Special Court prosecutor, James Hodes was troubled by the Special Courts appointments of Judges, whom he said had poor records of service and failed to establish their knowledge and understanding about international criminal Justice. He was equally dismayed about the International donor’s keen focus on reducing the cost of operations rather than seeking the transparent Justice the court was mandated to do. “At least, there is today an establishment of some Justice in Sierra Leone and the Special Court played some vital role in that effort” he concluded.
While Anthony Triolo of the International Center for Transitional Justice and former Liaison officer of the Special Court highlighted the legacy of the court from its impacts on marriages and the protection of women’s rights to the establishment of International humanitarian laws in Sierra Leone. The Special Court created some Outreach projects that provided capacity building for the police forces like the witness protection program and fighting drug trafficking. “The physical structure of the Special Court is indeed a legacy itself” he concluded.
The final panelists looked at the problems of Child Soldiers during the war. Daniel Hoffman-Assistant Professor of Anthropology, at the University of Washington informed the participants that the child soldier phenomenon was a terrible experience for Sierra Leoneans and the International community. The post stress traumatic disorder (PSTD) that many children encountered were incalculably damaging to the psychological and psychiatric welfare of these ex-combatants. The rehabilitation and psychological support systems, he added, minimized the long term effect these former child soldiers had to endure and live with.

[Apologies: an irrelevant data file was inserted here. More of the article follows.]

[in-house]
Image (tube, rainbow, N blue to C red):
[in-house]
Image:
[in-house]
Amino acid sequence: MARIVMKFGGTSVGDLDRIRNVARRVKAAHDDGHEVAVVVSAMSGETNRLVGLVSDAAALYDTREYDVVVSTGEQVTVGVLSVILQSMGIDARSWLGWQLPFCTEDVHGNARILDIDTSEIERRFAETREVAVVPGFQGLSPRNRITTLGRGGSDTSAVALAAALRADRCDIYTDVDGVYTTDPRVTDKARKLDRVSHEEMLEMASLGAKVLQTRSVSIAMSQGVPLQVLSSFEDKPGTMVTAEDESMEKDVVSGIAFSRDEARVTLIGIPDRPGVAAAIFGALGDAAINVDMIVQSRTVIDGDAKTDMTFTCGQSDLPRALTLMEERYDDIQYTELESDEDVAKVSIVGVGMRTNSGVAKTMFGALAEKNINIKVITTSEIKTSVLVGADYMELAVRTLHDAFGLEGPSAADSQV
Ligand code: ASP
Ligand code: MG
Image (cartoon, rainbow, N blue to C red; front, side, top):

Mark Drumbl-Professor of law, at the Washington and Lee University took a critical analysis of Child Soldiers and the International Legal Imagination while Noah Novogrodsky Professor of Law at the University of Wyoming added a compelling background to the definition of the legal frameworks of Child soldiers in the International criminal jurisdiction and how such laws proved valuable in the prosecutions of those “who bear the greatest burden” of the atrocities committed to the children and people of Sierra Leone.
Mohamed Kamara, Atlanta, Georgia -USA